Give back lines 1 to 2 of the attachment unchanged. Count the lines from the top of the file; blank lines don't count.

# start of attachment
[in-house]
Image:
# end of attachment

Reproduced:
[in-house]
Image: